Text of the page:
According to GISS NASA, the average global surface temperature anomaly for June was 0.79 °C, which just pipped June 2015 (0.78 C) and June 1998 (0.77 °C). Last month is only the second time in nine months that the GISTemp monthly anomaly is less than one degree Celsius above the average from 1951-1980. It probably won't be the last, now that El Nino is over.
The average for the six months to the end of June is 1.09 °C, which is 0.28 °C higher than any previous January to June period. The previous highest was last year, which with the latest data had an anomaly of 0.81 °C.
There are now nine in a row of "hottest months" from October 2015 to June 2016 (that is, hottest October, hottest November etc). If we could look back over the entire Holocene, it's probably more than 7,000 years since there was a similar run of hottest months on record, that is, not since the Holocene climatic optimum (it's probably hotter now than it was back then).
Each of the previous months except May and June this year (that is, from October to April inclusive) had an anomaly more than one degree Celsius above the 1951-1980 mean. All of the previous months had an anomaly higher than any month outside of that October to April period.
Below is a chart of the month of June only. Hover over the chart to see the anomaly in any June:
Will there be a La Niña?
You can see the global mean temperature trend by month in the chart below, for the strongest El Niño years since 1950, which were followed by a La Nina. I've included the 2015/16 period for comparison. The chance there will be a La Nina is getting lower with each ENSO update. If it happens, it is expected to be quite weak.
Not counting 2015/16, of the seven very strong, strong and strong to moderate El Ninos since 1950, there were only three that were followed by a La Nina. The chart spans a three year period. That is, for the 2015-16 El Niño and subsequent, it goes from January 2015 to December 2017. (For a more detailed explanation see the HW articles: El Niño to La Niña years with more detail here.)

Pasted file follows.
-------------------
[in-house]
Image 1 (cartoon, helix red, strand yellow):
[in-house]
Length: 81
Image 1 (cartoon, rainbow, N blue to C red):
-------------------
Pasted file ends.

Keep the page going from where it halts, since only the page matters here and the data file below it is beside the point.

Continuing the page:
|Figure 3 | Global mean surface temperature for strong or moderate/strong El Nino years that were followed by a La Nina. Data source: GISS NASA|
Where was it hot?
Again, the high latitudes in the northern hemisphere had areas with high anomalies this month but, as with May, they were not as high as last month. There are also some parts of Antarctica that were very, very hot for that part of the world, and some areas that were very very cold.
|Figure 4 | Map showing mean surface temperature, anomalies for June, from the 1951-1980 mean. Source: GISS NASA|
Below is May for comparison:
|Figure 5 | Map showing mean surface temperature, anomalies for May, from the 1951-1980 mean. Source: GISS NASA|
Year to date average surface temperature
The chart below tracks the year to date. Each point on the plot is the average of the year to that month. For 2016, the last point is the average of all months to date including June. This year is tracking well above 2015, largely because of the El Niño. To drop below the average for 2015, the average anomaly for the next six months would need to be less than 0.65 °C:
|Figure 5 | Global mean surface temperature, progressive year to date to June 2016. Data source. GISS NASA|
Given the speculation that this will be another "hottest year", below is a chart showing the average temperature for the six months from July to December from 2000 onwards. Nine of the last 16 years were below 0.65 C. The last time the average for those six months was below 0.65 C was in 2011, the second year of a moderate to strong La Nina.
Related HotWhopper articles
- El Niño to La Niña years - May 2016 with more detail here
- Hottest May on record with year to date temperature - June 2016
- Seven in a row: April is the hottest April on record, a 7000 year record? - May 2016
- Hottest March on record, tracking El Niño, and a year to date comparison - April 2016
- Hottest February by far at a whopping 1.35 C above the 1951-1980 mean - March 2016
- Hottest January on record, with El Niño years comparison - February 2016